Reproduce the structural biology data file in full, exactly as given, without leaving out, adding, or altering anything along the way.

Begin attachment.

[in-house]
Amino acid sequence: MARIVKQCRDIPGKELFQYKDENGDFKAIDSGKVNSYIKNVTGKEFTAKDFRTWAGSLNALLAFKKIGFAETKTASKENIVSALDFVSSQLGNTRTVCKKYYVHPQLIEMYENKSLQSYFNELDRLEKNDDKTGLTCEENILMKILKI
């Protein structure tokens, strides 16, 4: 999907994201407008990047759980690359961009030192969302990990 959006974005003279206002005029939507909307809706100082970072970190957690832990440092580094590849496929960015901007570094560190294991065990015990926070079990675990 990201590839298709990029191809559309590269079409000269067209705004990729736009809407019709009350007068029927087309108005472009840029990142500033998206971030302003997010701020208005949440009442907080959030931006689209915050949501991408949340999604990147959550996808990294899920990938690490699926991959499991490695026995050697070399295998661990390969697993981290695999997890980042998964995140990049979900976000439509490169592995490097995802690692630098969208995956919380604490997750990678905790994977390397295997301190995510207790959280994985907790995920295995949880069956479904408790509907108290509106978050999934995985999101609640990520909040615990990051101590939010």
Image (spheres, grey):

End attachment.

[in-house]
Amino acid sequence: MARIVKQCRDIPGKELFQYKDENGDFKAIDSGKVNSYIKNVTGKEFTAKDFRTWAGSLNALLAFKKIGFAETKTASKENIVSALDFVSSQLGNTRTVCKKYYVHPQLIEMYENKSLQSYFNELDRLEKNDDKTGLTCEENILMKILKI
């Protein structure tokens, strides 16, 4: 999907994201407008990047759980690359961009030192969302990990 959006974005003279206002005029939507909307809706100082970072970190957690832990440092580094590849496929960015901007570094560190294991065990015990926070079990675990 990201590839298709990029191809559309590269079409000269067209705004990729736009809407019709009350007068029927087309108005472009840029990142500033998206971030302003997010701020208005949440009442907080959030931006689209915050949501991408949340999604990147959550996808990294899920990938690490699926991959499991490695026995050697070399295998661990390969697993981290695999997890980042998964995140990049979900976000439509490169592995490097995802690692630098969208995956919380604490997750990678905790994977390397295997301190995510207790959280994985907790995920295995949880069956479904408790509907108290509106978050999934995985999101609640990520909040615990990051101590939010």
Image (spheres, grey):